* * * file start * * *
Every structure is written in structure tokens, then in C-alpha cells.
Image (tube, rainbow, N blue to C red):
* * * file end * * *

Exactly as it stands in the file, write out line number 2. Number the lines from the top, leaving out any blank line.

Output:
Image (tube, rainbow, N blue to C red):